Writing Tip — Perspective

new-york-927138_1280My oldest did a photography 4-H project this summer. One of the exercises was called “Bird’s Eye, Bugs Eye.” The point was to take photos from very high and very low perspectives, something different from human height.

IMG_7926IMG_8043When I saw the results, I was amazed at how fresh and interesting mundane objects became with a change in perspective.

I was reminded how important it is for writers to freshen their perspectives when I was attending the American Christian Fiction Writers conference in Dallas last weekend. In a workshop led by authors James L. Rubart and Cara Putnam, they talked about how writers need to look at people, situations, and settings in unique ways to make their writing stand out.

I wrote about this last January in the post “Finding the Real in the Routine”. If you need to change your perspective, here are some suggestions:

  • Walk through a new neighborhood.
  • Walk as close as you can to a construction site. (I am a big fan of learning about an area by walking.)
  • Find a restaurant that serves a style of food you haven’t tried.
  • Read outside the genre you write.
  • Watch a movie or TV show that’s different from your usual favorites.
  • Sit in different places in your home and see if you spot something new. (Such as laying down on your kids’s beds.)
  • Find a plant and study it up close.
  • Go to a zoo and watch active animals.
  • Visit a library and browse the shelves.
  • Go through family albums and pick a few photos to study.
  • Pick an unfamiliar, busy location and people watch, without looking at your phone, for ten minutes.
  • Take photos of familiar objects from strange angles.

Recently I experienced the rewards of getting a fresh perspective when I changed my walking routine. After I finish the school drop-off, I usually walk around the little town where the school is located. Yesterday, I decided to wade the creek near our property. I found this:

IMG_9009It’s one of three dams we think beavers have built, and we are mounting an expedition to find the lodge.

What do you do to find a new perspective in your writing?


West Virginia Wednesday — From Davis to Parsons

IMG_8584When I was staying at Blackwater Falls State Park in Tucker County, West Virginia, I had to drive to the county seat of Parsons to do research. The 30-minute drive proved wild and wonderful and sometimes nerve-wracking for someone not used to driving through the mountains.

In Scenic Routes and Byways: West Virginia by Su Clauson-Wicker, the route I took is placed in the larger drive called the Canaan Valley Loop. I would love to go back and drive that entire route. All the quotes are from this book.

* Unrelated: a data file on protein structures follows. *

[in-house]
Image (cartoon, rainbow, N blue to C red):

I drove out of the state park and onto Rt. 32. I skirted the tiny town of Davis, “the highest incorporated town east of the Mississippi”, and follow 32 until I reached another very small town, Thomas. The layout of Thomas is very interesting. The town is mostly built on one side of the North Fork of the Blackwater River. The mountainside is so steep that the town is built in layer like on wedding cake, with the buildings above set back from those below.

I turned onto US 219 South. Descending Backbone Mountain, I came around a curve and found enormous wind tubines popping into view. What made it so surprising was that I hadn’t seem a glimpse of them until they loomed up, complete and colossal.

I turned right onto Sugarlands Road and then quickly found the service road that ran below the 345-foot turbines. The gate was unlocked, so I could have followed the service road as far as my car allowed. When I came back with my family, we did drive down it a short way to take pictures. 166 turbines stand long “the top of this north-south ridge for miles.”

IMG_8567Less than a mile from Sugarlands Road is a picnic area and observation parking lot. The top photo was taken there. It was my favorite view of the whole trip. The mountains rolled to the horizon like waves. The farm, a lighter green than the mountains, stood out like an island in the sea.

The finally six miles into Parsons is a six percent grade. It’s fun to drive, but I got nervous when tractor trailers suddenly roared around the curve. Tucker County High School is about half way down the stretch, and it made me wonder: how do the kids and buses get up and down this road when it snows? Slide? Glide? Collide? Maybe the county clears this first because it is US highway, but the writer and mom in me thought the school is located in a worrying place.